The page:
I was recently interviewed by Steve Goldstein of Amplifi Media, a firm that consults for podcast companies, on the difficulties with the use of music in podcasts. That interview has been turned into an article on Steve’s blog, here, discussing these legal issues. That article discusses the same issues that we’ve written about here several times, reminding readers that the standard music licenses that they get for the public performance of music on their radio stations or webcast channels don’t cover podcasts (see, for instance, our articles here and here). ASCAP, BMI, SESAC cover the public performance of musical compositions, while SoundExchange covers the public performance of sound recordings by noninteractive digital music services.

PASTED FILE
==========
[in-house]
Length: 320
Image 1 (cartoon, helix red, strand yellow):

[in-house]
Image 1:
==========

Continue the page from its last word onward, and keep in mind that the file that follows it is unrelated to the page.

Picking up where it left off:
Podcasts, however, are not considered public performances. By their very nature, podcasts are meant to be downloaded, which implicates other rights under copyright law. These additional rights include the rights to make reproductions and distributions of the compositions and sound recordings, and to synchronize them with the words and other content of the podcast. To get these additional rights, music users typically are required to get permission from the artists and composers (or their record labels and publishers). This article should serve as yet another reminder to broadcasters that making their content available on-demand, where that content features recorded music, usually can’t be done under their standard music license agreements. Check out Steve’s article, and the other articles on this blog, for more information about this reminder.